The book starts with him describing him and his wife worrying about their son. They can see that he is not doing well academically or on the sporting field. They realise after a long period that there is nothing wrong with their son, it is their perception and other people’s perceptions. They need to work on their own characters to see their son differently. It took a long time of understanding that they were looking at the measure of success for parenting shared by others and themselves and not loving their son’s uniqueness.

Real change comes from the inside out. Trying to master external techniques without altering your thinking and yourself as a person, will not bring many fruits.

Other examples of working on the inside out approach are:-

  • To create a happier marriage, be the person who creates the positive energy needed to create a happier marriage instead of empowering negative energy
  • If you want to have a more cooperative and pleasing teenager, be a more understanding, empathic and loving parent.
  • If you want people to trust you more, be more trustworthy to people.

The inside-out approach says that it is futile to try to accomplish better relationships (something external) without having changed the internal (your character).

The character ethic is based on the idea that there are fundamental principles to live your life by eg. 10 commandments. Values are more personal and also define your character.

An example:-

  • Thou shall not steal – (principle)
  • Honesty (value)

We can work on our attitudes and behaviours, however Covey says far better to look at paradigms “perceptions, assumptions our frame of reference”. Another way to look at paradigms is to see them as maps. They can be split into two categories “The way things really are “Reality”…and “The way things should be …”Values”.

We see our own paradigms not as it is but as we are. What we see is highly interwoven as to who we are. Being is seeing. We can’t go very far to change our seeing without simultaneously changing our being.

In order to improve ourselves we look within and work on our character and our paradigms. To make a major change we may need a paradigm shift. If the paradigm is the lens through which we see the world the shift might be instant or it maybe slow and deliberate process.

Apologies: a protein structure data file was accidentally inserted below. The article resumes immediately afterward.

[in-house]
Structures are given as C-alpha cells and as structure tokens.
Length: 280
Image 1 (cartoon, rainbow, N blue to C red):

Examples of paradigms shifts:-

  • email replacing the way we communicated before
  • Photographic film to digital

The book the 7 Habits of Highly Effective People is about a principle centred, character based “inside out” approach to personal and interpersonal effectiveness. “Inside out” means to start with self, your paradigms, your character and your values. It is futile to put personality ahead of character, you will never improve a relationship unless you improve yourself first.

Posted in Bite size learning, coaching, Emotional Intelligence, mindfulness, motivation

Measuring happiness…

Happiness can be interpreted in different ways by all of us, and is it possible to measure it? We have a good idea when we are happy as the chemicals in our brain release the endorphins, however do we ensure that it is happening regularly.

The first step is to recognise what does make you happy.

Dr Steve Peters the author of the Chimp Paradox gives a really easy way to look at:-

  • Immediate happiness
  • Delayed happiness

Make a list of everything that immediately makes you happy:-

  • Cup of coffee
  • Glass of red wine
  • Long walk (with or without the dog)
  • Watching your favourite TV show
  • Reading a good book

Everyone will have a list unique to them, and worth taking time to reflect on what does give you immediate happiness. The joy is that you can adjust your quickly, and the fact you have it on the list is that psychologically you recognise it is an activity that you enjoy. At the end of the day how many times have you rewarded yourself with immediate happiness.